Wednesday, January 25, 2006

They're not what they seem

Many conservatives (and some liberals) mistakenly refer to Antonin Scalia and Clarence Thomas as "strict constructionists" who abide by the strict letter of the highest law of the land, i.e. the Constitution of the United States. They are seen as protectors of the Tenth Amendment--which says the powers not delegated to the federal government are reserved to the states-- against big-government liberals. The facts, however, prove these contentions utterly false. Let's look at the most recent decision of the Roberts Court, its first major decision. Incidentally, this case was brought to my attention by a column by conservative George Will in Newsweek.

The Supreme Court upheld by a 6-3 vote the constitutionality of an Oregon law legalizing physician-assisted suicide. This law was passed by a large majority of the people of Oregon. The Court's decision was absolutely correct; it upheld the principles, as Will says, of "judicial modesty and deference to policies adapted democratically." It also upheld the original understanding of the Constitution, namely that the states retain all powers not delegated to the federal government. So who were the anti-federalist dissenters, you ask? Ginsburg and Breyer, right? No, Scalia, Thomas, and Roberts all dissented. They care nothing for the Tenth Amendment if it interfers with their personal agenda. As we saw in Bush v. Gore, Scalia and Thomas cast aside federalism when it's convenient for them to do so. They are hypocrites and frauds. I'll say it: they are judicial activists. Let's hear no more from the Republicans about the evils of "legislating from the bench." That's exactly what Scalia and Thomas did in this case. This is what we can expect from Alito, with his extra-constitutional theory of the unitary executive--that is, the claim that the president's executive power cannot be infringed upon by Congress or the courts. (Thanks to the New Republic's legal affairs editor Jeffrey Rosen for that explanation).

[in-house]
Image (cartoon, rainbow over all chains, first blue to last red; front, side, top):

Bottom line here: there are no "orginalists,"strict constructionists," or "textualists" on the Supreme Court. There is plenty of hypocrisy, however, on the Court.

2 comments:

Baby said...

I agree with the majority but the case is slightly more complicated than pure federalism. The issue is largely based on the amount of deferance the courts should give an Attorney General's interpretation of regulation and statute. (Chevron & Auer cases precedent). The dissenters thought a federal official of the executive branch should be given the benefit of the doubt if their interpretations were reasonable (and judging 'assisted' suicide as non-medical may be reasonable).

Also, the decision mentions "virtually every medical authority from Hippocrates to the current American Medical Association (AMA) confirms that assisting suicide has seldom or never been viewed as a form of "prevention, cure, or alleviation of disease," and (even more so) that assisting suicide is not a "legitimate" branch of that "science and art."
. . Indeed, the AMA has determined that " '[p]hysician-assisted suicide is fundamentally incompatible with the physician's role as a healer.' " Washington v. Glucksberg, (1997). "[T]he overwhelming weight of authority in judicial decisions, the past and present policies of nearly all of the States and of the Federal Government, and the clear, firm and unequivocal views of the leading associations within the American medical and nursing professions, establish that assisting in suicide ... is not a legitimate medical purpose."

Jack Davis said...

I don't understand. Where does the A.G. get the right to interpret a state law? He has no jurisdiction over what the people of Oregon decide-if the 10th Amendment is to have any meaning whatsoever. After Janet Reno and John Ashcroft, I don't want excessive authority in the A.G.

Second, I don't see the point of your AMA quotes. The AMA does not speak for all doctors; I doubt it even speaks for the majority. When you finish law school, I assume you won't be bound the decisions of the ABA, which is well to your left.

Scalia showed his inconsistency in an earlier case involving the use of medical marijuana. He ruled, if I recall correctly, that the fed gov could prohibit states from allowing the use of marijuana in medical therapy. That's why I believe he and Thomas are not "strict constructionists" or "originalists".